Brain News: A study published recently in the journal Nature Neuroscience, suggest that scientists can reactivate traumatic memories, which gives them the scope to completely alter, or even erase those memories.
Researchers at Texas A&M University aimed to isolate memory in a person and drive fear responses through re-exposure to the cue – and then destroy the original memory itself. To accomplish this research team used a conditioning procedure in which a cue becomes indirectly associated with a fearful event.
Later, when the cue is presented it indirectly reactivates a memory of the event and increases activity in the hippocampus, the region of the brain associated with memory. When reactivated artificially, a contextual fear memory is prone to disruption. Researchers found that procedures currently in use to indirectly reactivate traumatic memories provide promise.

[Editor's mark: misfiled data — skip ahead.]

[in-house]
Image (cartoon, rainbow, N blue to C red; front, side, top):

The study results highlight that scientists are one step closer to finding a way to lower the impact of traumatic memories. The research findings have therapeutic implications for treating trauma. There is a need for further research to find if permanent loss of traumatic information is possible.
To Know More, You May Refer To:
Reed L. Ressler, Travis D. Goode, Sohmee Kim, Karthik R. Ramanathan, Stephen Maren. Covert capture and attenuation of a hippocampus-dependent fear memory. Nature Neuroscience, 2021; DOI: 10.1038/s41593-021-00825-5